Torreya californica Torr.


Endemic to California, USA where historically it was heavily logged and today it forms small, localised subpopulations

Associated Names:

California nutmeg, California torreya and Stinking cedar


Torreya californica is endemic to California where it is mainly found in the Coast Ranges and the Cascade-Sierra Nevada foothills. In coastal areas it is distributed from southwest Trinity County south to Monterey County. In the Cascade-Sierra Nevada foothills, it is distributed from Shasta County south to Tulare County. Populations are usually small and localised.

Habitat and Ecology

It occurs as scattered understorey trees usually growing in moist and shady places in hilly to mountainous terrain dominated by tall conifers, especially Sequoia sempervirens, Picea sitchensis and Pseudotsuga menziesii. In the western valleys of the Sierra Nevada it is associated with angiosperms, mainly Acer spp., Cornus nuttallii, Platanus occidentalis, and Alnus rubra and here it strictly adheres to stream banks in steep canyons at altitudes around 1200m aboce sealevel. Its altitudinal range is from near sea level (but usually above 200m) in the Coast Ranges to 2500m above sealevel in the Sierra Nevada. On serpentine rock it becomes a stunted tree or shrub and occurs on north-facing slopes in coastal chaparral. It is capable of resprouting following disturbance such as fire although regrowth is slow.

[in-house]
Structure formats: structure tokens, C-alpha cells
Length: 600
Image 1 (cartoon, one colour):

Human Uses

In the past, Torreya californica was used for cabinet making, fencing and bridges, as it is rot resistant. Due to its current rarity it is no longer used. California Indians used it for their bows, seeds were roasted for food and some tribes (e.g. the Pomo) used the roots for basket weaving. T. californica is the most commonly cultivated species of its genus and can grow into an impressive, wide crowned tree with striking foliage and large, pendulous, plum-like green or glaucous seeds. It is almost exclusively used as an ornamental in large gardens or planted in arboreta. The name 'nutmeg' only refers to a superficial similarity with true nutmeg fruits (from Myristica fragrans, an angiosperm tree species).

Conservation Status

Global status and rationale

Vulnerable A2cd

Past logging has virtually eliminated Torreya californica from parts of its historic range and also removed most of the large trees across almost all of its range. Regrowth is reported to be very slow. On this basis a past decline of more than 50% of mature trees in the population has been inferred, leading to an assessment of Vulnerable under the A1 criterion.

Global threats

Logging in the late 19th and up to the mid 20th centuries virtually eliminated California torreya from the Vaca Mountains of Napa and Solano counties, and considerably reduced populations in the Santa Cruz Mountains and lower Russian River area of Sonoma County (Howard, 1992). Logging also eliminated many of the larger trees in the remainder of its range and resulted in a decline of mature trees in the total population, which is only now slowly being restored. As this species is dependent on forest cover, deforestation in parts of California has further contributed to a decline. This decline has now ceased or virtually ceased.

Conservation Actions

This species is know from several protected areas within its range.